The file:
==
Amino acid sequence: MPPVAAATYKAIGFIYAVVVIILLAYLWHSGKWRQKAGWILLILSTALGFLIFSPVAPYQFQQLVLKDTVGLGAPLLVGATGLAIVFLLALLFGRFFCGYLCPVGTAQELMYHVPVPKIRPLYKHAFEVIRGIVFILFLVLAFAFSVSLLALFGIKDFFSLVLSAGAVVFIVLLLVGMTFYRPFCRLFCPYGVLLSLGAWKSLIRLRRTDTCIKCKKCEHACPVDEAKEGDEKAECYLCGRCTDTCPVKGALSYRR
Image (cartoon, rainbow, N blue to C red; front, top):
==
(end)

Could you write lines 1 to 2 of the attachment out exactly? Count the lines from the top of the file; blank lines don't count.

Amino acid sequence: MPPVAAATYKAIGFIYAVVVIILLAYLWHSGKWRQKAGWILLILSTALGFLIFSPVAPYQFQQLVLKDTVGLGAPLLVGATGLAIVFLLALLFGRFFCGYLCPVGTAQELMYHVPVPKIRPLYKHAFEVIRGIVFILFLVLAFAFSVSLLALFGIKDFFSLVLSAGAVVFIVLLLVGMTFYRPFCRLFCPYGVLLSLGAWKSLIRLRRTDTCIKCKKCEHACPVDEAKEGDEKAECYLCGRCTDTCPVKGALSYRR
Image (cartoon, rainbow, N blue to C red; front, top):